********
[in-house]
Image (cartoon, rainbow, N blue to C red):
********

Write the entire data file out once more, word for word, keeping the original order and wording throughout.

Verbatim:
[in-house]
Image (cartoon, rainbow, N blue to C red):